Last November, we reviewed the A,B,Cs of safe infant sleep environments (Alone, on the Back, in a Crib) and considered new guidelines in the American Academy of Pediatrics’ updated policy statement on protecting babies from SIDS and other sleep-related deaths:
But it’s this recommendation that sent shockwaves through the pediatric community last week:
It is recommended that infants sleep in the parents’ room, close to the parents’ bed, but on a separate surface designed for infants, ideally for the first year of life, but at least for the first 6 months.
For some parents, this is a no-brainer. For others (and for this pediatrician), the recommendation that babies sleep in the same room as their parents for 6-12 months is a head-scratcher…
In a new study published last week in Pediatrics, researchers were also scratching their heads after finding some problems with this recommendation that infants sleep in the same room as their parents for the first 6-12 months:
Room-sharing at ages 4 and 9 months is associated with less nighttime sleep in both the short and long-term, reduced sleep consolidation, and unsafe sleep practices previously associated with sleep-related death.
The authors of the study from the Ashley Nicole Shellenberger SIDS Research Fund at the Penn State College of Medicine go to great lengths to highlight the importance of good sleep habits, which should be instilled in a child’s earliest days:
The importance of getting an adequate night’s sleep has been increasingly recognized by professional societies including the American Academy of Pediatrics (AAP) and the American Academy of Sleep Medicine. Inadequate sleep has been associated with poorer cognitive, psychomotor, physical, and socioemotional development, which includes emotion regulation, mood, and behavior in infancy and childhood. Insufficient sleep is generally accepted as an important risk factor for obesity, with links between sleep and weight beginning in infancy. Short sleep duration during infancy is also associated with inadequate sleep later in childhood, emphasizing the importance of developing healthy sleep-related behaviors during the first months after birth. Also, infant sleep has a bidirectional relationship with parent outcomes as demonstrated by associations between infant sleep and parental sleep, maternal sensitivity, relationship quality, parental emotional health, and parenting practices.
For all parameters of infant sleep that were studied, there were significant differences between independent sleepers and non-independent (room-sharing) infants:
> By 4 months of age, the average number of night awakenings in both groups of infants was similar, although independent sleepers required fewer nighttime feedings.
> Independent sleepers had longer stretches of uninterrupted sleep (sleep consolidation) than room-sharers.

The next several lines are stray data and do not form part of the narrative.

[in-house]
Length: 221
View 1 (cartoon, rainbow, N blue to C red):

> Room-sharing resulted in twice the odds of requiring feeding to get back to sleep.
> If an infant was sleeping independently by 9 months of age, he was a better sleeper — sleeping more than 45 minutes longer each night by the time he was 30 months old — than the toddler who was still sharing a room with his parents at 9 months old. However, taking naps into account, there were no differences in total daily sleep duration among the two groups.
> Independent sleepers were more likely to develop consistent bedtime routines and being put to bed by 8 pm compared to room-sharers. Non-independent sleepers tended to have bedtimes after 8 pm and had lower odds than independent sleepers of being put to sleep drowsy but awake.
But it was these findings that pediatricians will find most troubling:
At 4 months of age, room-sharing infants had greater odds of having an unapproved object (blankets, pillows, positioners, etc) on their sleep surface than those who were sleeping independently… Additionally, room-sharing parents with infants at 4 months of age had over 4 times the odds of bringing their infant into their bed overnight than those parenting early independent sleepers… Similarly, at 9 months of age, room-sharing parents had 4 times the odds than those who were sleeping independently of bringing their infant into their bed after waking overnight.
Alexandria Bachert examines how these findings conflict with the AAP’s revised policy statement:
“Our findings showing poorer sleep-related outcomes and more unsafe sleep practices among dyads who room-share beyond early infancy and suggest that the AAP should reconsider and revise the recommendation pending evidence to support room-sharing through the age of 1 year,” Paul explained to MedPage Today.
He commented that he was surprised by the AAP recommendation because it conflicts with sleep expert guidance, which recognizes developmental changes that occur over the first year.
“The suggestion that parents wait to move the infant out of their bedroom until the end of the first year, when separation anxiety is normative and increasing, is likely to result in frustrated parents and unhappy infants. It also conflicts with other data that room-sharing is associated with more sleep disruption for mothers,” wrote Paul in an email.
As the saying goes: “More studies are needed.”